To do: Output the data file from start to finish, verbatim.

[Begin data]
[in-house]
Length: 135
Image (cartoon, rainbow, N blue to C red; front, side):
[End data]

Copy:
[in-house]
Length: 135
Image (cartoon, rainbow, N blue to C red; front, side):